Author: John L. Moore
Book Type: Trade Paperback
One Sunday in 1782, white vigilantes suddenly appeared at a camp of Delaware Indians on an island in the Allegheny River near Fort Pitt in western Pennsylvania. Guns blazing, they attacked, killing several Indians and neutralizing U.S. soldiers assigned to guard them.
These Delawares were active allies of the American army. Two held the rank of captain, and others had served as scouts. The chief, Colonel Killbuck, escaped by swimming.
The title of John L. Moore’s nonfiction book, “Murder at Killbuck Island,” comes from the true story of these killings. It is among the most obscure of the many unprovoked attacks that Native Americans suffered at the hands of white people.
The book is the fifth in Moore’s ongoing Revolutionary Pennsylvania Series. The account of the attack on Killbuck’s camp is one of seven dealing with various aspects of the Revolutionary War. Others tell how:
- Church bells rang to signal Benjamin Franklin’s return from London in May 1775. Hundreds of Philadelphians rode out to meet John Hancock, Samuel Adams, and John Adams, coming from Massachusetts to attend the Continental Congress.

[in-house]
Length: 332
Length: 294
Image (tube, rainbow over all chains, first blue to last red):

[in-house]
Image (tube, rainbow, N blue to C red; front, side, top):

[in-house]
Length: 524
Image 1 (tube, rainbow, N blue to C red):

- Pennsylvania soldiers mutinied in their winter camp at Morristown, N.J., in January 1781. Ten months later, they were in the American army’s front lines at Yorktown, Va.
- A wealthy landowner on the Susquehanna River’s West Branch wanted Hessian POWs to build a stone fort to replace a wooden defense burned by pro-British Indians.
- Pennsylvania militia officers confiscated the guns of Loyalists, then redistributed them to soldiers marching off the fight the British.
- Tories in Buck County robbed tax collectors whose revenues financed the local militia. After the war, several fled to Canada. At least two were hanged.